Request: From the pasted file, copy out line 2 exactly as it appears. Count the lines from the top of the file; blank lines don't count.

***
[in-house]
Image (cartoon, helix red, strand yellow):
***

Image (cartoon, helix red, strand yellow):